Sophia Retone & Leah Cohen in Romeo & Juliet. Photo:CTC 

Romeo & Juliet

By William Shakespeare
Directed by Jennifer Pennington

A review by Ben Gierhart

Entire contents are copyright © 2022 by Ben Gierhart. All rights reserved.

Something that is often not portrayed in productions of Romeo & Juliet is the eponymous characters’ youth. Shakespeare intended to capture the passion of young people in love for the first time. After all, it’s not the love story that is what is truly timeless about this play. It is the notion that to be young is to experience wild emotions at all times and to experience them as though one were the first to ever feel them. In this reviewer’s opinion, that is precisely why high school casts of this particular play often work especially well.

And what a time to be a young person. High school is already a tumultuous period in most people’s lives. Add that to the pressures of the pandemic and the unique challenges of being a burgeoning theater artist at this time, and you have a recipe for a supercharged production.

It’s an outright delight to experience Commonwealth Theatre Center’s Young American Shakespeare Festival again, albeit somewhat unconventionally. Produced on a makeshift stage in the Center’s parking lot – a holdover from early planning when the status of pandemic policies were largely unknowable – this supercharged Romeo & Juliet is open and unbounded in a way that it has never been before.

Jennifer Pennington adroitly directs her capable cast and injects the play with just enough modern sensibility to be interesting instead of distracting. Alexander Diakov plays the Chorus (Chorus/Influencer here), chronicling the events of the play like a social media star, complete with selfie stick. One could argue that this dates the production, but it also gives an oft-produced work a distinct point of view. In fact, this added twist gives the play an accessibility to its cast and young audience as well as a refreshing take on the material for its older one.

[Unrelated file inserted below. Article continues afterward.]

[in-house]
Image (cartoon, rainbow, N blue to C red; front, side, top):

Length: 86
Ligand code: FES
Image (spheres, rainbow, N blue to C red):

Leah Cohen and Sophia Retone – Romeo and Juliet respectively – are also non-traditional casting choices for the starstruck lovers, and as is most important, they knock it out of the park. At times, it’s unclear whether the intention is to have one of literature’s most iconic couples played as a lesbian relationship, a romance between non-binary people (pronouns were not provided with the online program), or simply as a flip on the classic men-play-all-the-parts tradition of Shakespeare’s day. After an endearing, offstage implied love scene, what is clear about this depiction of Romeo and Juliet is that none of that really matters when the relationship is depicted as honestly as this. This is perhaps this production’s most modern commentary of all. 

The rest of the cast is skilled and well-rehearsed, knitting together a more than capable ensemble. Standouts were Henry Stern’s well-delivered Lord Capulet, Laine Lloyd’s Nurse – a gift of a role for any actor – and Summer Clark’s Mercutio whose Queen Mab speech was all kinds of fun. Special attention must be paid to Jake Allen Miller’s sound design for adding another layer of youthful energy and grounding this classic text in the present.

All of this is to say that of course, these are actors who will only further polish their talents as they grow with their art, but precocious professionalism was never the best thing about the Young American Shakespeare Festival anyway: It’s really about potential. These actors represent some of the best of what the next generation of Louisville talent holds, and after a daunting pandemic, and after art seems to finally be gaining a long-awaited, renewed foothold, it’s a welcome sight. 

Romeo & Juliet

May 15  @ 2:00 pm
May 13, 17, 20 & 22 @ 7:00 pm

Part of the Young American Shakespeare FestivalCommonwealth Theatre Center
1123 Payne Street
Louisville, KY 40204

Ben Gierhart is a local actor, playwright, and director who has worked with several companies in town including The Bard’s Town, Pandora Productions, Savage Rose, and Centerstage. Ben serves on the board and in the acting ensemble for The Bard’s Town Theatre, and he is also a founding member of the Derby City Playwrights, a collective dedicated to creating new and exciting plays in Louisville.